And yet something about the man didn’t sit right with Gordon.

He managed a curt nod and continued on his way. Past the double-wide trailers, Gordon took a northerly turn and ended up near the small stream that ran through the compound. Across a newly built footbridge and up an abrupt rise was his cabin, complete with its own bathroom and separate bedroom. Those hadn’t come with the cabin when he got it, but he’d found that home improvement was just as effective as counting when it came to keeping the memories down. So he’d redone the interior, added his own water closet, and finally the bedroom, of which his twin bed filled half.

Gordon stepped inside and left the door open behind him.

The main room was big enough. A fireplace sat between two wooden rockers. Facing them was a couch with new upholstery done by Jessie’s aunt. Directly ahead, a small refrigerator buzzed from the half-kitchen. There was no stove, but the hot plate was sufficient for making a quick meal. To the right was Gordon’s dining table, not that he could remember ever eating dinner there. Most of his meals came from the cafeteria where he could sit around expansive picnic tables with like-minded individuals who had withdrawn from a world that was spiraling out of control.

Withdrawn from a government that wanted to enslave them.

From corporations that wanted to exploit them.

From a population too frightened to believe that salvation could come from within, from the innocent men and women trapped in the system.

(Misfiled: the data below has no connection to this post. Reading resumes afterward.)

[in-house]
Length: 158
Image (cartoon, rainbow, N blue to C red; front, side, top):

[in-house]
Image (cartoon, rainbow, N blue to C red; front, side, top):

Gordon crossed the room and stood next to the rocking chair. He fingered his belt until his holster started to slide down his leg, leaving the Sig safely tucked in his other hand. With a groan, he collapsed into the chair and put his head back. It was too early in the morning to be feeling his age, but the cold always made the creaks worse. His mind jumped forward, playing out the scene to come. For once, he didn’t start counting.

Instead, he closed his eyes and waited.

Sometime later, footsteps sounded from the door.

When Gordon opened his eyes, he saw the small frame of a woman standing in silhouette except for her hair, which burned a fiery red. From the center of the shadow, gold dots stared back at him across the gulf.

Gordon steadied the Sig on the arm of the chair.

“What took you so long?” he asked.

About the author

Daniel Verastiqui

Daniel Verastiqui is a serious author who writes serious novels in a serious manner. Serious topics include interpersonal relationships, exploitative technology, and questionable nudity.

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By Daniel Verastiqui